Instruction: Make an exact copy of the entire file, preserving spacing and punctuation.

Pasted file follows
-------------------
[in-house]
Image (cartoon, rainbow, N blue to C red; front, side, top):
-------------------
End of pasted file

[in-house]
Image (cartoon, rainbow, N blue to C red; front, side, top):